Jacques Rivette – Duelle (une quarantaine) AKA Twilight (A Quarantine) (1976)


Duelle seems to have been instantly cursed just by being the follow-up to Celine and Julie Go Boating, to this day the only Rivette film that the average buff concerns himself with ( and oh, how wrongly. ) Having finally gotten a chance to watch the film, I can see why. Where Celine and Julie could furnish a thousand college students with thesis papers on feminine play vs. masculine order, and the construction of meaning through the assumption of various roles associated with gender, and so forth, Duelle drops the intellectual ballast completely. Rivette outs himself as a mystic with this film, closer to charlatan-geniuses like Stockhausen or Rasputin than to Godard. This movie is almost like a Rosetta Stone, more dense and concentrated than anything else he’s done, that the future expert will be able to use to decode his work.

Rivette’s overt and unmistakable belief in the eternal presence of God and Satan on earth makes this film unfashionable to the materialistic tastes of the cultured liberal brute. If it were less sincere, this film could have been one of Rivette’s most popular. There is always something special about the first collaboration between a cinematographer and a director who would later go on to make a more-or-less permanent team — such as Ballhaus and Fassbinder with the equally undervalued Whity — and Duelle marks the first time Rivette worked with William Lubtchansky, who has been his right arm all the way up until Marie and Julien. Lubtchansky takes Rivette out of the scratchy 16 mm. ghetto and right into glossy, bejewelled Eurotrash, complete with a gliding Ophuls camera and Sternberg lighting. Only Harry Kumel made more stylish, elegant movies in the 70’s than Duelle, though they are lesser in terms of content. But Rivette still takes pains, as always, to make the film feel deliberately antique, faded, so that it will be perfect for revival in the interplanetary silent movie theatres of the future.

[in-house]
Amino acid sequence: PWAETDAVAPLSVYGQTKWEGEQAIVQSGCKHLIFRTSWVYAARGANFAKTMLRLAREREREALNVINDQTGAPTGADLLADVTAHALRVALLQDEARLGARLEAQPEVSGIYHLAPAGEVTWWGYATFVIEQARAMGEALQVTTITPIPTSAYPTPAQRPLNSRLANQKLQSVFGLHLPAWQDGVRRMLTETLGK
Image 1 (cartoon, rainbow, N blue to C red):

This movie is so attuned to my mental state that I felt like I was writing it as it proceeded, but most people will probably just find it incomprehensible. Rivette revels not in contradictions but in SEEMING contradictions. Bulle Ogier, apparently playing God, counts backwards all the time, kills the hero’s girlfriend and attacks another important character with flames, yet she is still God, and still perfect good. There are many lines that will probably annoy non-devotees of French poetry, such as “The dream is the night’s aquarium.” And what does it mean when Jean Babilee, outdoing Travolta, raises his arm and smashes a dancehall mirror through telekinesis? Why does he wake up in the bottom of a parking garage and talk about killing a sister we’ve never seen ( not incidentally named Sylvie, like the innocent Sandrine Bonnaire in 1998’s Secret Defense? ) Why does he become graceful and muscular, almost superhuman, when Bulle Ogier counts backwards and changes the universe to black-and-white? Why does Juliet Berto keep changing her costume? How do you escape the dancehall? If you know the answers to these questions, then it’s time for you to assume the role of Sphinx, and maybe one day join Rivette in the stars.



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